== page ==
While I recognise that recent exhibitions like Know My Name at the NGA and Bark Ladies at the NGV give representation to women and First Nations artists, on a recent visit to the Picasso Century at the NGV I once again pondered this blockbuster cycle. I found myself in a space where many of the most celebrated artworks were mostly never made by someone who looked like you, let alone cared for you as a person.

As someone whose adult life has centred on art and its appreciation, I find it staggeringly difficult to reconcile this unwelcomeness with the love I have for art and its history. When I teach undergraduate fine art students, I speak of art history, and in particular European Modernism, as a story of cultural legacies—ones that we inherit, but also have a say in choosing to write about, learn about, and uphold. But while I teach future artists to critically consider these legacies, museums and galleries continue to hold exhibitions that further mythologise the ‘masterpieces’ of our past—instead of creating new myths beyond white male artists.

Picasso is only one of a handful of artists that continue to receive this mythologising treatment, but his example is worth mentioning in part because of his documented misogyny and poor treatment of women. It does not take much more than a google search to find countless critiques of Picasso. Picasso is a ‘safe’ choice, not only to exhibit but also to critique, because numerous accounts exist already. Mine is another voice in this chorus.

The Picasso Century is an interesting offering as it’s about more than the eponymous artist. It could easily be renamed Picasso and Co. because that is where the exhibition’s remit clearly lies. By connecting Picasso to his peers, the contentiousness of his art is belied by including a number of women artists who were working in the same epoch. While it partly denies Picasso’s role as a ‘sole creative genius’, it also acts as an effective shield to critiques such as this: an effort to address the issue of diversity, while continuing to carry on with Picasso at the centre.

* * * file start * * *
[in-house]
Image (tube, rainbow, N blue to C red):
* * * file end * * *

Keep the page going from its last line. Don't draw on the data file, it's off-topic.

The frustration is that institutions will critique artists like Picasso, while still continuing to host exhibitions, symposiums, and publications to his name and influence. In some ways, I believe that institutions welcome the critique, because it’s another aestheticised form of resistance. In a #MeToo era, where student numbers at Australia’s major art schools are predominantly female, and when anti-racist activism around the world continues to strive for equity, to continue to program European male ‘master’ exhibitions feels out of touch.

It shows the lacking imagination of cultural leaders. While an easy justification for ‘masterpiece’ exhibitions is the high attendance and popularity of the shows (and I acknowledge that many people cannot afford a ticket to Europe), I wonder if it isn’t the role of our cultural leaders to expand the artistic imagination of Australian audiences. Without changing the goal posts of what we want and deserve, we risk stagnation and mediocrity.

Opinion Words by Sophia Cai